The good news? Retirees may have more money than some analysts think. As a July Forbes article noted, the Social Security Administration reports total U.S. retiree income in its Income of the Aged publication, based on data from the Census Bureau’s Current Population Survey. Economists and journalists cite this publication as proof that retirees rely too much on Social Security, and that IRAs and workplace retirement plans are poor retirement saving vehicles.4
Few of these economists and journalists seem to realize that the CPS has been underreporting retiree income for decades. It does not count annual distributions from IRAs and workplace retirement plans as retiree income, only pension-style payments from Social Security and other sources. For example, the CPS calculated $5.6 billion in individual IRA income during 2008, while retirees reported $111 billion in IRA income that year to the IRS. Just recently, the CPS altered its questions to try and improve its retirement income reporting.4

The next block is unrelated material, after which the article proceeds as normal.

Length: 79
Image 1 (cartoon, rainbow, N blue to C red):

Saving for retirement early cannot be emphasized enough. In fact, when you start saving may have more of an impact than how you save and invest. This has to do with compounding.
Thanks to compounding, a young adult who regularly invests $500 a month starting at age 25 would become a millionaire at age 65 if his or her investments yielded but 6% annually. Impressive? Yes, but here is an even more eye-opening statistic (from J.P. Morgan Asset Management research). A young adult who defers $5,000 a year into a retirement account annually from age 25-35 ends up with $602,070 at age 65 (assuming a 7% sustained annual return) even if he or she contributes nothing to the account after age 35. Moreover, even though that investor quits saving at 35, the $602,070 he or she accumulates by age 65 exceeds the $540,741 in savings that would be amassed by someone investing from age 35-65 under the same set of conditions.5